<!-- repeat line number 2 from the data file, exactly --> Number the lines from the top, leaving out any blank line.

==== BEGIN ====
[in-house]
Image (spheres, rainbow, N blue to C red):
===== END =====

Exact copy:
Image (spheres, rainbow, N blue to C red):